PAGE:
Friday, January 8, 2010

Planning Your Dream Ranch

We all pretty much have in our minds the horse facility of our dreams. When we imagine our ideal ranch, we know what we want, we know what it looks like. But how best to develop your imagined fairy tale farm?

Okay, let's assume you already have the deed to that property (after meticulously ensuring that you've bought a piece of land well suited for your purposes). Your search complete, papers signed, a loan secured and now you are ready to begin building. You thought the acquisition was the hard part!

For me, safety and convenience are of paramount importance and I take into consideration how best to utilize the entire property, too. If there is an existing home or other structure(s), the challenges increase. Deciding where your barn, arena, turnout paddocks and other amenities should be all relate back to those two factors mentioned above.

First, safety. I want decent latches on stall doors, I prefer v-mesh or welded wire panels on my pipe paddocks for mares with foals, I do not like chain link fencing used as an enclosure for horses and the footing must be decent (excavation may be necessary before bringing in soil or sand for your arena). Another thing to think about is drainage... including for your wash rack.

When it rains it sometimes pours and you want to be prepared for potential flooding. This means taking a good look at how your property sits and determining the route water takes across the landscape. I've seen barn aisles with tiny rivers running through them and pipe corrals with several inches of standing water during and after a rain storm where it was necessary to wade out in rubber boots to dig trenches so the puddles can be drained. Not fun, especially during the storm itself.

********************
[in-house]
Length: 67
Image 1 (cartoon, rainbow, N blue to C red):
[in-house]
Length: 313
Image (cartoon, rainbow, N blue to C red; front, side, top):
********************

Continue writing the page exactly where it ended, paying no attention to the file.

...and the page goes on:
Another point to keep in mind will be convenience. For instance, the proximity of your arena to where your horses reside, and more important how close your feed room is to your horses.

Also, my preference is sliding stall doors as opposed to those of the Dutch variety, which can present a hazard when they're left standing open into the barn aisle (so that one can be classified under safety and convenience both). Having at least one set of cross ties, preferably two, is another major convenient point and should be in lose proximity of the tack room.

There are literally millions of ways in which to build your dream ranch. Taking the time to lay out what you want, where you want it in the beginning saved an awful lot of headaches later.

Once you get that far, congratulations!



  1. How luck am I to have stumbled across your blog today?! I'm in the process of buying land now to build my "dream farm". Okay, granted, it'll be done a bit at a time rather than all in one shot (don't I wi$h I could!). But you make an excellent point about layout and I intend to take it to heart. I'm going to out tomorrow and buy graph paper so I can start laying out where everything should go -- from barn to manure pile to hay storage to paddocks, etc. Thanks for a timely post! Rachel

  2. Hi Rachel and welcome! Thank you so much for the compliment and I wish you the very best of luck with your new farm!! How exciting!! :)


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